2010 Fall General Assembly
Speeches / Addresses
New York Archbishop Timothy M. Dolan, right, addresses members of the media at the U.S. Conference of Catholic Bishops annual fall meeting in Baltimore Nov. 16. The bishops elected him president of the conference. At left is the newly elected vice presid ent, Archbishop Joseph E. Kurtz of Louisville, Ky. (CNS photo/Nancy Wiechec)
Bishop Yousif Habash, head of the Newark, N.J.-based Eparchy of Our Lady of Deliverance for Syrian Catholics, talks with Bishop Ronald W. Gainer of Lexington, Ky., during the U.S. Conference of Catholic Bishops annual fall meeting in Baltimore Nov. 16. ( CNS photo/Nancy Wiechec)
Members of the U.S. Conference of Catholic Bishops pray before the start of the second day of their annual fall meeting in Baltimore Nov. 16. (CNS photo/Nancy Wiechec)
Bishop Gerald F. Kicanas of Tucson, Ariz., vice president of the U.S. Conference of Catholic Bishops, talks with Cardinal Francis E. George of Chicago, president, during the U.S. bishops' annual fall meeting in Baltimore Nov. 15. (CNS photo/Nancy Wiechec)
Auxiliary Bishop Eduardo A. Nevares of Phoenix reacts to a discussion on social media at the U.S. Conference of Catholic Bishops annual fall meeting in Baltimore Nov. 15. (CNS photo/Nancy Wiechec)
Auxiliary Bishop John R. Manz of Chicago, center, attends the U.S. Conference of Catholic Bishops annual fall meeting in Baltimore Nov. 15. (CNS photo/Nancy Wiechec)
Bishop John C. Wester of Salt Lake City stands with Charlene Harris of the Diocese of Sacramento, Calif., as he reports on the work of the U.S. bishops' National Advisory Council Nov. 15 at the U.S. bishops' annual fall meeting in Baltimore. Harris chair s the advisory council. (CNS photo/Nancy Wiechec)
Archbishop Wilton D. Gregory of Atlanta, right, talks with Archbishop Thomas G. Wenski of Miami, during the U.S. Conference of Catholic Bishops annual fall meeting in Baltimore Nov. 15. (CNS photo/Nancy Wiechec)
Bishop Tod Brown, right, of Orange, Calif., greets Auxiliary Bishop Octavio Cisneros of Brooklyn, N.Y., as the U.S. Conference of Catholic Bishops gather for their annual fall meeting in Baltimore Nov. 15. (CNS photo/Nancy Wiechec)
Bishop Salvatore Cordileone of Oakland, Calif., works on a laptop during the annual fall meeting of the U.S. Conference of Catholic Bishops Nov. 15 in Baltimore. CNS photo/Nancy Wiechec)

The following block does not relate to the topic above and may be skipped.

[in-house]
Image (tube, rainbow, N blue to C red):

Members of the U.S. Conference of Catholic Bishops gather for the start of their annual fall meeting in Baltimore Nov. 15. (CNS photo/Nancy Wiechec)
Members of the U.S. Conference of Catholic Bishops, including Bishop Michael R. Cote (center) of Norwich, Conn., applaud after an address by Cardinal Francis E. George, president of the conference, at the bishops' annual fall meeting in Baltimore Nov. 15 . (CNS photo/Nancy Wiechec)
Cardinal Francis E. George of Chicago, president of the U.S. Conference of Catholic Bishops, addresses the U.S. bishops at the start of their annual fall meeting in Baltimore Nov. 15. (CNS photo/Nancy Wiechec)
Bishops elect new leaders; approve new budget, baptism agreement
BISHOPS-ROUNDUP Nov-16-2010 (1,270 words)
By Catholic News Service
BALTIMORE (CNS) -- In a series of close votes, the U.S. bishops elected Archbishop Timothy M. Dolan of New York to head the U.S. Conference of Catholic Bishops for the next three years and chose Archbishop Joseph E. Kurtz of Louisville, Ky., as vice president.
By selecting Archbishop Dolan from a field of 10 candidates that included Bishop Gerald F. Kicanas of Tucson, Ariz., USCCB vice president, Nov. 16, the bishops diverged from the usual practice of electing the USCCB vice president as president.
Because a vice president cannot serve for two consecutive terms, Bishop Kicanas was not eligible to run for the position.
Archbishop Dolan will succeed Cardinal Francis E. George of Chicago at the close of the bishops' fall general assembly Nov. 15-18 in Baltimore.
Archbishop Kurtz's election left the position of treasurer vacant. The bishops voted to elect Bishop Michael J. Bransfield of Wheeling-Charleston, W.Va., to the position. While he was not supposed to start until next year, he'll start right away.
Being elected president came as a surprise to the outgoing 60-year-old New York archbishop, who said he felt a bit daunted to be following Cardinal George because of his predecessor's skill in the position.
The election outcome also marked the first time since the bishops' conference was reorganized in 1966 following the Second Vatican Council reforms that a sitting vice president who sought the presidency did not win election. In two elections, in 1974 and in 1977, circumstances dictated that the vice president did not rise to lead the conference.
The bishops also elected chairmen-elect for six committees. They will take office in November 2011.
They are: Archbishop Timothy P. Broglio of the U.S. Archdiocese for the Military Services, Committee on Canonical Affairs and Church Governance; Bishop Joseph P. McFadden of Harrisburg, Pa., Committee on Catholic Education; Auxiliary Bishop Denis J. Madden of Baltimore, Committee on Ecumenical and Interreligious Affairs; Bishop David L. Ricken of Green Bay, Wis., Committee on Evangelization and Catechesis; Archbishop Edwin F. O'Brien of Baltimore, the Committee on International Justice and Peace; Bishop R. Daniel Conlon of Steubenville, Ohio, Committee on Child and Youth Protection.